Exercising safety and responsibility during wildfire season

June 13, 2011 • Vistas

Continuously, there have been wildfires burning all over the Southwest. As we speak, the air quality in several areas of New Mexico is poor due to smoke from a devastating wildfire burning in Arizona. Many areas have been closed by the Forest Service as a result of the extreme fire danger in most parts of New Mexico. So when I got this wildfire safety idea and began to think about camping and campfires, my first thought was “YOU’VE GOT TO BE KIDDING!” Who would even consider such a thing in this hot and very dry summer?
Certainly, I know that there are people and families who are planning such trips, and who will do so quite safely and with great [auth] care. Importantly, however, you should find out some very clear information before you travel. Make very sure that you can legally camp or have some kind of family outing in the forest at all. I just glanced at a website and found that there are different rules in all parts of the state. For example, the Lincoln National Forest is has a Full Forest Closure due to the danger of fire. Several other public lands have the same situation. On the other hand, there are some areas of the state which allow certain camping, but with very severe restrictions. (Personally, I think I’ll go to the golf course!)
Allow me to direct you to a website which will be beneficial to you for these purposes. Under you will find a great deal of information. You can start there and undoubtedly find plenty of other sites for detailed information not only for New Mexico, but for other states as well.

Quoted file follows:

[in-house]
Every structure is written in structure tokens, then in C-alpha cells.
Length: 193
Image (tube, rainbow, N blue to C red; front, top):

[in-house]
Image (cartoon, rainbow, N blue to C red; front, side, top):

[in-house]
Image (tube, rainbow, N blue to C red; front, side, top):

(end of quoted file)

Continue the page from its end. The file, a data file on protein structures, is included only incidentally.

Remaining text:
Additionally, for those of you who may own property in areas of extreme fire danger, I found a great booklet published by the International Association of Fire Chiefs. You can find it at . It includes a Wildfire Action Plan, which is intended to save lives and property through advance planning. It defines “defensible space” which firefighters need to protect your home, and such things as a “hardened home,” which will have the best chance to survive a wildfire. There are also checklists to prepare a family for an emergency.
There will come a time when we can safely enjoy a few days in the forest, when we can camp out and build a campfire with confidence. Meanwhile, however, we must be very, very careful in what we do. For those of you who do travel to campgrounds or to the mountains, educate yourself in how to do that without placing yourself, those you love, and the land you love in jeopardy.
Thinking about setting up a Neighborhood Watch? Call Richard and Steve at 622-SAFE (7233) for information. And don’t forget, the number for Chaves County Crime Stoppers is 1-888-594-TIPS (8477).

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